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Gaming Guru

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Deal Me In: Warranty service with a smile

11 December 2009

By Mark Pilarski

Dear Mark: As a way of stretching your bankroll, you have stated that on some machines you don't need to play the full coin amount. For that reason, to save money, my wife will only play one coin on progressives like Megabucks. Did she misunderstand what you said? Cliff W.

Yes, Cliff, she did, but let's just call it a slight misinterpretation of what I wrote.

On some slot machines, I stated that it doesn't matter whether you play one coin, or the maximum, as playing the full amount gives you little more in the way of a payback percentage. But with a progressive like Megabucks, you should play max coin or shun them.

Megabucks offers a life-altering score, but the odds of hitting it are 30,000,000 to one. Another downside is that the long-term paybacks on these machines are usually the lowest in the casino. Still, you don't get to tell your boss to shove it unless you play the full amount.

As for your wife's playing one coin (credit) at a time, you do this on a "straight multiplier" or "equal distribution" machine that pays according to the number of coins you play. For instance, if you hit the jackpot having played one coin, the machine will pay 500 coins, two coins, 1,000, and three coins, 1,500.

Playing one coin (credit) on this type of slot machine is okay because the average return never changes based on the number of coins you play, whereas a progressive tacks on an additional amount of money, a mega-jackpot, if you're playing the maximum number of coins.

Yes, a Megabucks progressive jackpot is colossal compared to that of any straight multiplier, but with odds at 30 million to one against, your chances of hitting the big one are only a teensy weensy bit better than zilch. So, Cliff, the only reason to play these machines is having a miniscule chance of hitting the big one, so tell your wife that I recommend that she play either the full coin amount or not at all.

Dear Mark: For many of your video poker questions, you usually use Jacks-or-better as an example. Am I to assume that it is the best machine to win at? Tom E.

Not at all, Tom. I use it as an example because it was the first, the strategy is simpler than many others, identifying good and bad paytables is easy, it's a personal favorite, and because it's available far and wide, wherever this column is syndicated.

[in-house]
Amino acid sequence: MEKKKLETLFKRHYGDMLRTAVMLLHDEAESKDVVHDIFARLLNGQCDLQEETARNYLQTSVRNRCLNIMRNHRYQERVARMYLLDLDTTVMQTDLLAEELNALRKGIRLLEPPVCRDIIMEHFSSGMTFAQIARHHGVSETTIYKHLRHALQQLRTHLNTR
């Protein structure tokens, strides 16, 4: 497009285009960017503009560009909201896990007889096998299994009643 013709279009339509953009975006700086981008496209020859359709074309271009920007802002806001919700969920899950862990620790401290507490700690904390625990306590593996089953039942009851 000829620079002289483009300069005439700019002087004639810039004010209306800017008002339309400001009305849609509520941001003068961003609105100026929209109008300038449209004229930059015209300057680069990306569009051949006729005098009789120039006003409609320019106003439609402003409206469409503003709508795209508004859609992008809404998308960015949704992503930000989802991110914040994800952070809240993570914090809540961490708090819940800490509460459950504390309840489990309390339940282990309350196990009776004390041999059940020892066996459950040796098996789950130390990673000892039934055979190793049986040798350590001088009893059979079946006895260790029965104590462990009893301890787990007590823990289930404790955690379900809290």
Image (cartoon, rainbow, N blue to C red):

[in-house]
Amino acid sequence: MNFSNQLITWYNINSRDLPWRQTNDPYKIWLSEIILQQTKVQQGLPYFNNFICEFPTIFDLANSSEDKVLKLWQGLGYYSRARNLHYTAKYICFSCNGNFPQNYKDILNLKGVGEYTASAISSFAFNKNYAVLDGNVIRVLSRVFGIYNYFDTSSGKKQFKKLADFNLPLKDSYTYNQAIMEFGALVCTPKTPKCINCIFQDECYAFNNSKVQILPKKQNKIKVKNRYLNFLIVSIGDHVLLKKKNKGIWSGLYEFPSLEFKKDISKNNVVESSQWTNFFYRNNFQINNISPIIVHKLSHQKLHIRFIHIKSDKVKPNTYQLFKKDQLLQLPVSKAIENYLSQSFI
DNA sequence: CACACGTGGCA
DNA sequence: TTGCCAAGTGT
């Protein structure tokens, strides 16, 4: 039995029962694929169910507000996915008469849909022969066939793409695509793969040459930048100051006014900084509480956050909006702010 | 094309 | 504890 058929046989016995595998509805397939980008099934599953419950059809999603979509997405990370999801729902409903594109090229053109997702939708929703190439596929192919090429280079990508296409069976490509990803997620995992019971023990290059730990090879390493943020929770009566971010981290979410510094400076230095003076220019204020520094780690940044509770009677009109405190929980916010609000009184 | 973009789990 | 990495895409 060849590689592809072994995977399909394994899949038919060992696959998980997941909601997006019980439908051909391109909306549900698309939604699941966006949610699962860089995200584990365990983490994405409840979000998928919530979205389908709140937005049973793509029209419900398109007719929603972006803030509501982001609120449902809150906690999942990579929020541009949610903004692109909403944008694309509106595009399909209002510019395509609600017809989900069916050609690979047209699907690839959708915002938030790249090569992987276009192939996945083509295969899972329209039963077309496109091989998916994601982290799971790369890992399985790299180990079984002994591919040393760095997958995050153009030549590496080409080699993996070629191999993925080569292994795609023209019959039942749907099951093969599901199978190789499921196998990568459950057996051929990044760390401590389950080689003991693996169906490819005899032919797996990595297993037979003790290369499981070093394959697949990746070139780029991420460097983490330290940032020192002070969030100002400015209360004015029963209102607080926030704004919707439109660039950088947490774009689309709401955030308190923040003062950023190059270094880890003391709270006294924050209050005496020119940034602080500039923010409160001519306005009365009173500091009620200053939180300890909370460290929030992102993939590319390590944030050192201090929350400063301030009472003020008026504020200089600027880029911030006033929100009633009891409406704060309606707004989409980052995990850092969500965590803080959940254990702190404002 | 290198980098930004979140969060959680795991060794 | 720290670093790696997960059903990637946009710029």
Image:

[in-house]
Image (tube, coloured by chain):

Your chances of winning on any video poker machine increase when you play machines with the best paytables, and when you know how to play each hand. Even on a full pay Jacks-or-better machine, those who don't know the proper strategy to use fare little better than someone who's holding a rabbit's foot and winging it.

Dear Mark: is there a way I can legally avoid receiving an IRS tax form on a slot win? I just got my first one ever here in Biloxi, Mississippi. Terry B.

Sure, Terry, tell them you were just playing for fun and you don't want the money. Sorry 'bout that, Terry. The heavy wet snow we're currently having in Michigan puts me in my comedic mood. I've got to get down your way sooner than later.

Casinos are required to report to the IRS any slot jackpot of $1,200 or more; no exceptions. Your only option would be to find a machine that has a jackpot below the threshold amount at which casinos are forced to ask for identification and issue a W2G.

Gambling Wisdom of the Week: "The whole secret to gaming is to make the games liberal -- let you use two hours instead of one to lose your money." -- William "Si" Redd, from his forthcoming biography, King of the Slots

Mark Pilarski
As a recognized authority on casino gambling, Mark Pilarski survived 18 years in the casino trenches, working for seven different casinos. Mark now writes a nationally syndicated gambling column, is a university lecturer, author, reviewer and contributing editor for numerous gaming periodicals, and is the creator of the best-selling, award-winning audiocassette series on casino gambling, Hooked on Winning.